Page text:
I downloaded the Tony Gwynn documentary from MLB.com last night. Ihave yet to watch it, but I have made an important discovery about MLB
downloads: You are not downloading a file to keep and play as much as
you want, you are only renting the file for a limited number of
viewings, or in my case, attempts to view.
I am a novice at using Windows Media Player. And my experience with
it last night and this morning have made me long for the days when you
just opened a file in Real Player and it played. Now there are
libraries, and playlists, and all sorts of complications.
One such complication is Digital Rights Management (DRM). When I
first tried to play the file, my computer went out and searched for a
license. I was not surprised by this. I assumed that somebody somewhere
would want assurance that I had a legal copy of the documentary. But I
was surprised that the computer retrieved a new license every time I
tried to get the documentary to play. This morning, after I tried,
unsuccessfully, to turn the documentary on twice, I got a message
saying that I had maxed out on the number of licenses for this download
and I should call customer support or email them.
So you basically get 5 or 6 opportunities to view a download.
(Opportunities only, the license count is triggered before the
documentary actually plays so if it fails to play, you are out of luck).
F**K DRM. When I buy something, I expect to be able to use it
whenever and how many times ever, I want. And F**K MLB for not making
it clear that you are only renting a limited number of licenses.
Frankly, it isn’t worth my time to call or email customer support
and I am certainly not going to pay any more money; I have received no
value for the money I have already paid. Now I didn’t pay a whole lot
($3.99) but that shouldn’t limit the number of times I can watch what I
paid for. I figured that the low price was a function of both the fact
that the documentary was a download, and therefore much cheaper to
produce than a DVD, and the fact that MLB.com boasts huge traffic
stats, meaning that MLB could go for volume sales. But no, they went
further, using DRM to turn downloads into de facto rentals.
I will never buy another download from MLB and I hope that this post
spreads far and wide and other people decide to boycott also. The
fascist DRM regime has got to end! The only way it will end is if
enough consumers reject it so that rights-holders realize that there is
more money to be made from selling a product than from withholding it.
The purpose of copyright was to allow creators a chance to control
distribution of their work. But nowadays, a creator typically makes
things on a “work for hire” basis for a large corporation, like MLB, or
any of the Hollywood studios the Writers Guild is currently striking,
and the big corporation reaps the benefits while most creators get next
to nothing. With Digital Rights Management, the big corporations have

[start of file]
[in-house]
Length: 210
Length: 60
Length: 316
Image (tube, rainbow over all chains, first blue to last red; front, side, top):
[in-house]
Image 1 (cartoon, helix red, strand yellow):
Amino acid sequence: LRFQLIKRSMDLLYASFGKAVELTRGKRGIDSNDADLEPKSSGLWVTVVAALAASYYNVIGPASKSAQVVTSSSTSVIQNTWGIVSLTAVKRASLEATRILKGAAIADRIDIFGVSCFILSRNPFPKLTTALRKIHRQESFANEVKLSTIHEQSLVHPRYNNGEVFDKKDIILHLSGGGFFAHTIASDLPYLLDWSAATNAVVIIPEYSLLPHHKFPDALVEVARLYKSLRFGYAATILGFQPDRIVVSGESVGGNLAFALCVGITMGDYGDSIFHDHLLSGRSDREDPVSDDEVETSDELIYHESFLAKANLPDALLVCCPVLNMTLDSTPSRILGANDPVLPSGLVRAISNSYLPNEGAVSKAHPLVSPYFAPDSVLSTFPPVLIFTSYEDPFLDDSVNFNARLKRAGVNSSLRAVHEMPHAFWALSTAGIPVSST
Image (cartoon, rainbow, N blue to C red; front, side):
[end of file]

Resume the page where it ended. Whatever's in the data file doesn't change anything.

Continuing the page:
found a way to give the consumer next to nothing also.
Just when ByrnesBlogger1 was thinking about buying some D’Backs games, this showed up on the ‘Net:
by Matt Watson
You know how MLB.com makes it possible to purchaseand download full games to watch on your computer? Be wary, fellow
fans, because despite what you may read on their site, you’re not
"purchasing" anything at all; you’re merely renting a license to watch
the games, a license that may be revoked at any time…
ByrnesBlogger1, No Fan of DRM.
"It’s a good start for us. Sweeping a team four straight games on the road is a rarity. It’s a huge confidence boost."
Eric Byrnes, after the D’backs took 4 in a row from the Washington Nationals.
(photo by Lawrence Jackson/AP)
It was one of those times when one is grateful that Spring Training stats don’t always predict what is going to happen in the regular season. Livan Hernandez had a horrible spring. His ERA was over 13.00. But yesterday he carried a no-hitter into the sixth inning, and pitched seven innings of shutout ball.
It’s the kind of start the Diamondbacks need regularly from the Cuban innings-eater; he’s usually good for seven, and though he ran into a little trouble that last inning, he pitched out of it. The Diamondbacks won their fourth in a row at RFK Stadium, after going 0-6 there last year.
I’m glad to hear that taking four in a row from the Nationals, as bad as they are, is, to use Eric Byrnes’ words, "a huge confidence boost." But I remember all too well that the Diamondbacks swept four from the Braves at Turner Field last year and then the roof caved in. So I’m still a little apprehensive about how good this team really is, especially after I’ve seen how bad the Nationals really are. They were something like 1-31 with men in scoring position during the four-game series. But the Diamondbacks were looking at early disaster square in the face, having dropped two in a row to the Colorado Rockies and heading into RFK, where they had yet to win. So the sweeping Washington means they bounced back from adversity, at least in the short term.
As for the game itself, it was good to see the Diamondbacks score before the Nationals could even come up to bat. Often last year, the early scoring was done by the Diamondbacks’ opponents. Orlando Hudson hit a double that drove in Conor Jackson who had been hit by a pitch. Hudson moved to third on the throw. Batting cleanup, Eric Byrnes drove in Hudson with a groundout to second. The first-inning runs were all the Diamondbacks would need, but they got an insurance run in the eighth, courtesy of a Scott Hairston single.
It was a so-so day for Byrnes, who is again playing right field in place of the injured Carlos Quentin. Livan’s no-hitter was broken up by a ground rule double over Byrnes’ head. Eric would have caught the ball if he had a better angle on it; it really wasn’t that far over his glove, but he reached back for it awkwardly. I was rooting for the Nationals to get at least one other hit, and they obliged me with two in the seventh. So at least Eric is not responsible for costing Livan a no-hitter. On the other hand, Eric also made a fine running catch near the right-field line, and quickly made an accurate throw to first, holding the runner there.